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The Standard of Living in Latin America During the Twentieth Century

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  • Ame Bergés
  • Valpy Fitzgerald
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    Abstract

    Assessing the economic development of Latin America during the twentieth century requires reliable estimates of living standards as measured by per capita income, life expectancy, and literacy. New comparable series for Latin America suggest that these three indicators made the greatest strides during the period from 1940 to 1980. This progress is probably related to state-led industrialisation, improvements in public health, and urbanisation. Comparison with US levels reveals that while average per capita income has generally remained steady, relative living standards (measured by a composite welfare index) have risen gradually as life expectancy in the two regions has converged.

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    File URL: http://www.economics.ox.ac.uk/materials/papers/2290/54fitzgerald.pdf
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    Bibliographic Info

    Paper provided by University of Oxford, Department of Economics in its series Economics Series Working Papers with number 2004-W54.

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    Date of creation: 01 Mar 2004
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    Handle: RePEc:oxf:wpaper:2004-w54

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    Keywords: Economic History; Welfare and Poverty; Demography; Education; Income and Wealth;

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    1. Avner Offer, 2000. "Economic Welfare Measurements and Human Well-Being," Oxford University Economic and Social History Series _034, Economics Group, Nuffield College, University of Oxford.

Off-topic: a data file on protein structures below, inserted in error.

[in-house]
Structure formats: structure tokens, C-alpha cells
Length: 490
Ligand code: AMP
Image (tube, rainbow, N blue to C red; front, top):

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    Cited by:
    1. Camilla Brautaset & Regina Grafe, 2006. "The Quiet Transport Revolution: Returns to scale, scope and network density in Norway's nineteenth-century sailing fleet," Oxford University Economic and Social History Series _062, Economics Group, Nuffield College, University of Oxford.
    2. Jane Humphries, 2006. ""Because they are too menny..." Children, Mothers and Fertility Decline: The Evidence from Working-Class Autobiographies of the Eighteenth and Nineteenth Centuries," Oxford University Economic and Social History Series _064, Economics Group, Nuffield College, University of Oxford.
    3. Jane Humphries & Tim Leunig, 2007. "Cities, Market Integration and Going to Sea: Stunting and the Standard of Living in Early Nineteenth-Century England and Wales," Economics Series Working Papers 2007-W66, University of Oxford, Department of Economics.
    4. Mohammad Niaz Asadullah, 2006. "Educational Disparity in East and West Pakistan, 1947–71: Was East Pakistan Discriminated Against?," Oxford University Economic and Social History Series _063, Economics Group, Nuffield College, University of Oxford.
    5. Regina Grafe, 2004. "Popish Habits vs. Nutritional Need: Fasting and Fish Consumption in Iberia in the Early Modern Period," Oxford University Economic and Social History Series _055, Economics Group, Nuffield College, University of Oxford.
    6. James Malcomson & Martin Chalkley, 2001. "Cost Sharing in Health Service Provision: An Empirical Assessment of Cost Savings," Economics Series Working Papers 69, University of Oxford, Department of Economics.
    7. Richard Steckel, 2005. "Fluctuations in a Dreadful Childhood: Synthetic longitudinal height data, relative prices, and weather in the short-term health of american slaves," Oxford University Economic and Social History Series _058, Economics Group, Nuffield College, University of Oxford.

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